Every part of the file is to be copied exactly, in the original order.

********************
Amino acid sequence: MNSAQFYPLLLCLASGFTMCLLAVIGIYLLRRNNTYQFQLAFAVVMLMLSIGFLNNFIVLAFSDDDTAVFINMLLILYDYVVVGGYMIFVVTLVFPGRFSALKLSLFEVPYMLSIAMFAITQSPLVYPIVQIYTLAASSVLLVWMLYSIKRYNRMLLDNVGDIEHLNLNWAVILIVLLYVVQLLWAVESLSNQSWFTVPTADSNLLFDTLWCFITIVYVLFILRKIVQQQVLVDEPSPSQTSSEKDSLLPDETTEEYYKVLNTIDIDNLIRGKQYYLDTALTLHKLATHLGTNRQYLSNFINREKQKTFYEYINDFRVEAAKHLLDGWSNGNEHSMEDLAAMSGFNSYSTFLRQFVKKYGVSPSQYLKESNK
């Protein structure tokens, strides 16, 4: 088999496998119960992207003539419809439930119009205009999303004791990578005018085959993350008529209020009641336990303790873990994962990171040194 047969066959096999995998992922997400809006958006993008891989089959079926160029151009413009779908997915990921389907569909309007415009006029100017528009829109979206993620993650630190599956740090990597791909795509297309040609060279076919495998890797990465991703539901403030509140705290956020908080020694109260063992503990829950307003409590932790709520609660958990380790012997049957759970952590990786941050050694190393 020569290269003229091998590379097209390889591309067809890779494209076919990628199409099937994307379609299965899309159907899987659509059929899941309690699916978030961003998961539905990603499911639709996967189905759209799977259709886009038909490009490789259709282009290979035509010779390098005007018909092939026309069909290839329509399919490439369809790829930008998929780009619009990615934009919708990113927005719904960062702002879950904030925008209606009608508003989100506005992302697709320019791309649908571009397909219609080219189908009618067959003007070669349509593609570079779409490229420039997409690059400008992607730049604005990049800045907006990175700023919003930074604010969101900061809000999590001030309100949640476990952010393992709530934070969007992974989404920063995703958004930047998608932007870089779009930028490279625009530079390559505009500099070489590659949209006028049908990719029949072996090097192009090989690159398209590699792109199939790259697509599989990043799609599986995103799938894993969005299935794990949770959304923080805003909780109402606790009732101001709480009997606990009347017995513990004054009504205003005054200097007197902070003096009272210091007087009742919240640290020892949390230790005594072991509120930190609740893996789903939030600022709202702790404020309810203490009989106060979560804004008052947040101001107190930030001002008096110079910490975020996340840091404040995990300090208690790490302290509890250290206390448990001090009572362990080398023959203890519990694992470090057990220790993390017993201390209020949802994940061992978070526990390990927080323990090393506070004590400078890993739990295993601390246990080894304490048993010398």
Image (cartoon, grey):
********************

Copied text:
Amino acid sequence: MNSAQFYPLLLCLASGFTMCLLAVIGIYLLRRNNTYQFQLAFAVVMLMLSIGFLNNFIVLAFSDDDTAVFINMLLILYDYVVVGGYMIFVVTLVFPGRFSALKLSLFEVPYMLSIAMFAITQSPLVYPIVQIYTLAASSVLLVWMLYSIKRYNRMLLDNVGDIEHLNLNWAVILIVLLYVVQLLWAVESLSNQSWFTVPTADSNLLFDTLWCFITIVYVLFILRKIVQQQVLVDEPSPSQTSSEKDSLLPDETTEEYYKVLNTIDIDNLIRGKQYYLDTALTLHKLATHLGTNRQYLSNFINREKQKTFYEYINDFRVEAAKHLLDGWSNGNEHSMEDLAAMSGFNSYSTFLRQFVKKYGVSPSQYLKESNK
């Protein structure tokens, strides 16, 4: 088999496998119960992207003539419809439930119009205009999303004791990578005018085959993350008529209020009641336990303790873990994962990171040194 047969066959096999995998992922997400809006958006993008891989089959079926160029151009413009779908997915990921389907569909309007415009006029100017528009829109979206993620993650630190599956740090990597791909795509297309040609060279076919495998890797990465991703539901403030509140705290956020908080020694109260063992503990829950307003409590932790709520609660958990380790012997049957759970952590990786941050050694190393 020569290269003229091998590379097209390889591309067809890779494209076919990628199409099937994307379609299965899309159907899987659509059929899941309690699916978030961003998961539905990603499911639709996967189905759209799977259709886009038909490009490789259709282009290979035509010779390098005007018909092939026309069909290839329509399919490439369809790829930008998929780009619009990615934009919708990113927005719904960062702002879950904030925008209606009608508003989100506005992302697709320019791309649908571009397909219609080219189908009618067959003007070669349509593609570079779409490229420039997409690059400008992607730049604005990049800045907006990175700023919003930074604010969101900061809000999590001030309100949640476990952010393992709530934070969007992974989404920063995703958004930047998608932007870089779009930028490279625009530079390559505009500099070489590659949209006028049908990719029949072996090097192009090989690159398209590699792109199939790259697509599989990043799609599986995103799938894993969005299935794990949770959304923080805003909780109402606790009732101001709480009997606990009347017995513990004054009504205003005054200097007197902070003096009272210091007087009742919240640290020892949390230790005594072991509120930190609740893996789903939030600022709202702790404020309810203490009989106060979560804004008052947040101001107190930030001002008096110079910490975020996340840091404040995990300090208690790490302290509890250290206390448990001090009572362990080398023959203890519990694992470090057990220790993390017993201390209020949802994940061992978070526990390990927080323990090393506070004590400078890993739990295993601390246990080894304490048993010398």
Image (cartoon, grey):